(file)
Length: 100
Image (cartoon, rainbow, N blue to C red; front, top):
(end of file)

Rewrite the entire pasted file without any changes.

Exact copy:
Length: 100
Image (cartoon, rainbow, N blue to C red; front, top):